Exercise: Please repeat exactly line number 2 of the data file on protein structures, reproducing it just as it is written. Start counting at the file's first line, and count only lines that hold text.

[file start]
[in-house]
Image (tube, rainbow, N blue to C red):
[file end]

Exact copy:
Image (tube, rainbow, N blue to C red):